Slugging for tradition

Teams in Brides­burg and Port Rich­mond are bring­ing back the wood bat — a slice of tra­di­tion they say makes base­ball more fun and ac­cess­ible.

Ah, sum­mer­time.

That sweet, re­lax­ing time of year when one can sit out­side, re­cline with a cold ice tea and watch the boys of sum­mer en­gaged in an ex­hil­ar­at­ing game of base­ball — Amer­ica’s pas­time.

The sights and sounds are so fa­mil­i­ar:

The taught, nearly stiff feel of a newly pur­chased glove.

The gnats float­ing by your eyes as you stare down the right field line, wait­ing with bent knees for the bat­ter to take a swing.

The loud “ting” of the bat as a ball is knocked once again in­to the air above your head.

Wait, one of those doesn’t fit.

Did that bat just make a “ting” sound?

Every­one knows that base­ball needs that sat­is­fy­ing crack of wood on the leath­er-bound ball of wound yarn.

It’s a sound that every Phil­lies fan awaits once Ry­an Howard or Chase Ut­ley — or re­cently even All-Star pitch­er Cliff Lee — steps to the plate.

But, for the most part, in Little League and high school and even col­lege, play­ers are al­lowed to use alu­min­um bats.

In the river wards, some are hop­ing to stay true to the ori­gins of the sport with a wood bat-only league.

Ac­cord­ing to Tim Racek, pres­id­ent and base­ball dir­ect­or of the Lep­re­chauns Sport As­so­ci­ation in Port Rich­mond, the idea is not only to re­turn to the more tra­di­tion­al game, but to re­move the ex­pens­ive equip­ment costs — and the of­ten un­fair be­ne­fits gained through the more costly met­al bats.

“To play base­ball, you’ve got to be able to hit with a wood bat,” said Racek on Wed­nes­day, Ju­ly 13, as he led a prac­tice with some of his play­ers at the field at Gaul and Ann streets.

With a wooden bat, says Racek, “kids aren’t afraid of the ball any­more be­cause it doesn’t come at them like a rock­et.”

This isn’t an as­sump­tion either.

A quick search on­line shows that stud­ies have found that balls hit by alu­min­um bats are hit harder than those by wood bats.

A study pub­lished in 2001 (the Crisco-Gre­en­wald Bat­ting Cage Study), found that on av­er­age, balls hit by alu­min­um bats traveled about 8 mph faster than those hit by wood bats.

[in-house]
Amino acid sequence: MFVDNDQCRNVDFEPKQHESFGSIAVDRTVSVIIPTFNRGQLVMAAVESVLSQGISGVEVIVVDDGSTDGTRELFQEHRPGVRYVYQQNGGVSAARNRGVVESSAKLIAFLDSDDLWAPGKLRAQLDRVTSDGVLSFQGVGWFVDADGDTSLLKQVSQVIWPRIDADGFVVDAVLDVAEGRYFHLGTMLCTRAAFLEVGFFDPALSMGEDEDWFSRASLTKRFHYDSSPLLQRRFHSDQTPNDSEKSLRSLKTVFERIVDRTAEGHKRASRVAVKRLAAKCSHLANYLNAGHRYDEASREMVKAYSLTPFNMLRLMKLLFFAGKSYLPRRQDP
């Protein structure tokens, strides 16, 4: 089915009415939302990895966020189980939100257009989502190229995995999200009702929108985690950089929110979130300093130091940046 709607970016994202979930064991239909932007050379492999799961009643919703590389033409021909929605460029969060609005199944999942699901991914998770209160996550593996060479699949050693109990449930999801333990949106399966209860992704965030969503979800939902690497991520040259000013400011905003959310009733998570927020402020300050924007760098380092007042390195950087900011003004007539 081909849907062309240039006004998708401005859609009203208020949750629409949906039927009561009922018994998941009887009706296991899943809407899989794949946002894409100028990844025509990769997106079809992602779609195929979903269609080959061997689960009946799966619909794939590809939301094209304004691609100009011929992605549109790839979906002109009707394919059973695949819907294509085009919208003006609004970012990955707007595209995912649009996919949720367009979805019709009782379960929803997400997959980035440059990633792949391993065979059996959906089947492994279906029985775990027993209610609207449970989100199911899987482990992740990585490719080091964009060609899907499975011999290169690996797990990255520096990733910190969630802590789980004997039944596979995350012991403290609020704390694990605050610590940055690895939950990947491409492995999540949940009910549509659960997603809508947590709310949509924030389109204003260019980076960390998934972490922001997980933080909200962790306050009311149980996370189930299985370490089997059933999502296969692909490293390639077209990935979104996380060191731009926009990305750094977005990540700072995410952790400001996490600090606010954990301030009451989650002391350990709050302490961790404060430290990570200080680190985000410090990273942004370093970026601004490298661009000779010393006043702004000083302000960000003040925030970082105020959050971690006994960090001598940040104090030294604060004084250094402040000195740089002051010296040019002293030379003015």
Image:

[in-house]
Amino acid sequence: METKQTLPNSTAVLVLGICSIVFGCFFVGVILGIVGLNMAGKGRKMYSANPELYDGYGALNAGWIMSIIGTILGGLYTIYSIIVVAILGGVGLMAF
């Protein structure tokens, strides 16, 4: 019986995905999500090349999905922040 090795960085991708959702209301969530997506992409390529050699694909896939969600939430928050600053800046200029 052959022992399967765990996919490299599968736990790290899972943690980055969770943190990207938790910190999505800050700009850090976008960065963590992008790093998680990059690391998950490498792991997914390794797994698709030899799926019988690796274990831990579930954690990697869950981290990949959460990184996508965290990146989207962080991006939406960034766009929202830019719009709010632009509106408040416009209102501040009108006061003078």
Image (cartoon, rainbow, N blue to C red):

Also, Racek said, alu­min­um bats have more of a “sweet spot” or ideal area of the bat to con­nect with the ball, mak­ing for bet­ter hits, more con­sist­ently.

By con­trast, wooden bats, he said, have a sweet spot about two inches smal­ler.

“This is a more pure game,” said Paul Bonewicz, coach of the Lep­re­chauns’ wood bat league for ages 14 and un­der.

Bonewicz said that as chil­dren, all of the coaches played with wooden bats. Alu­min­um, he said, took some of the skill out of hit­ting.

“Put it this way: you could buy an alu­min­um bat for $400 and the bat’s go­ing to do all the work for you,” he said.

This brought up an­oth­er con­cern: the fact that some play­ers have ad­vant­ages of sci­ence, de­pend­ing on how much they may be will­ing to spend on base­ball equip­ment.

Be­fore they set up the wood bat league last year, the coaches said they of­ten had games where teams would decim­ate their op­pon­ents, based heav­ily on which team had the bet­ter equip­ment.

In this league, they said, even with play­ers of vary­ing caliber, hav­ing wooden bats has kept games from be­com­ing un­re­lent­ing blo­wouts.

“We saw games go from 10 to sev­en to three to two,” said Racek. “Teams are nev­er out of the game any­more. They al­ways have a chance … Be­sides, if you can hit con­sist­ently with a wooden bat, you’ll be a much bet­ter play­er when you go to high school or col­lege.”

The play­ers them­selves said they no­ticed the dif­fer­ence between us­ing an alu­min­um bat and a one made of wood.

Chris Ham­mer­stein, a 15-year-old who plays for the Brides­burg Cou­gars on the wood bat team, said even though it makes it harder to hit, you learn to be a bet­ter play­er be­cause the league al­lows dif­fer­ent pitches that aren’t usu­ally per­mit­ted in a typ­ic­al alu­min­um bat league.

Pitch­ers are al­lowed to throw break­ing balls in the wood bat league; most alu­min­um bat leagues don’t al­low that, said Racek.

“I like that I can really throw a break­ing ball,” Ham­mer­stein said. “In a lot of leagues you can’t … It makes you a stronger hit­ter. You just have to learn more.”

Last year, the wood bat league star­ted with just four teams, but Racek said the league plans to grow to six teams this year — the sum­mer league starts in a few weeks. Sign ups are still un­der­way for the wood bat league to be held in the fall.

The Lep­re­chauns field three teams of 10 to 12 play­ers each, in age groups from ages 14 and un­der, 12 and un­der and ten and un­der.

Racek said he’s look­ing for­ward to start­ing the league again this year and that he en­joys the game more be­cause it evens the play­ing field for play­ers and re­moves a lot of the ex­pens­ive equip­ment from the game.

“You should see it, kids like nine or ten years old with $300 bats their par­ents bought them,” he said. “They are just like a tram­po­line. The ball just jumps.”

To get in­volved with one of the wood bat leagues, vis­it­re­chaunss­ports or call the Leps club­house at 215-423-6309.••

Re­port­er Hay­den Mit­man can be reached at 215-354-3124 or hmit­ 


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